Flower Power

Delhi has lost its nose, and not merely in the metaphorical sense of having lost its pride but literally, with the unceremonious displacement of its flower mandis (markets) whose fragrance is now submerged in the stench of Ghazipur’s garbage dumps.

The agriculture ministry’s move is easily understood in the corporate context of “consolidating” what it sees as a business with annual returns of over Rs 100 crore from what is touted as Asia’s largest flower market. Put all under one roof, it is easy to monitor, issue licenses and then collect taxes. Lured by better transport and connectivity, the flower vendors were shifted to isolated Ghazipur where the promise of cold storage facilities and even a shelter of a building are yet to be met.

Can hypothetical efficiency and cold practicality displace urban heritage? These flower bazaars are the essence of Delhi’s pride as a city of flowers. The three mandis — at Mehrauli, Hanuman Mandir at Connaught Place and Chandni Chowk — were not merely ad hoc markets but rooted firmly in the culture of the city. Their displacement is akin to taking all the monuments of Delhi, from Humayun’s tomb to Tughlaqabad, and shifting them to the outskirts into one large heritage amusement park. So much more efficient for the Aracheological Survey of India to issue tickets and ensure security. But, of course, it is a ludicrous suggestion. And not merely because of the impracticality of moving the structures, but in the understanding that they are incomplete without their setting. Yet it is such a preposterous logic that has resulted in the erasure of every markers of these markets’ existence in Delhi.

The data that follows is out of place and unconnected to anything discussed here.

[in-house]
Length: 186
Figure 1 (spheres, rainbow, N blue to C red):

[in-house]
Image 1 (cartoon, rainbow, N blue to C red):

Take Mehrauli, for instance, where the Phoolwaalon ki Sair, a spring festival of communal harmony, has been celebrated since the Mughal era and was revived by Jawaharlal Nehru. The dargah and temple in Meharauli see simultaneous floral offerings at the culmination of a procession adorned with flowers. Why couldn’t the mandi be re-created within the gardens amidst the flowing waters of poetic Hauz-i-Shamsi, the erstwhile and now ruined Mughal gardens? Thus integrating history, space and use in a memorable manner. How much does it take to sensitively build vending tenements and storage facilities that combine commerce and heritage?

Both markets in Hanuman Mandir and Chandini Chowk were brilliant examples of what the West calls adaptive re-use. Not pre-meditated but organic. Both commence with the predawn fog that shields the radiant hues of roses, marigold and orchids and end abruptly as the first rays of the morning sun sears its face. Later, the one at Connaught place turned into a crafts hub while the other gave way to the aromas of spices at Khari Baoli. Why could the logistics of transport and even storage not be provided in these existing commercial havens? Why couldn’t architecture here have designed itself for impermanence?

It’s been done at Covent Garden in London and in Bangkok’s famous orchid marts. While it is claimed that dislodgment is not the same as removal, yet however ‘well meaning’ it seems to be, it stems out of a hierarchical valuation of what is of importance to the city. And evidently flowers are not.

If this displacement is an act of sanitising Delhi, then the silence that has ensued in its wake has left it with a stench that reeks of an apathy of what actually makes the “sense” in a city. It clearly does not lie in a sensibility but in its ability to evoke feelings and emotions that continue to enthrall the hearts of its dwellers.
Suparna Bhalla
Published on November, 19th 2011

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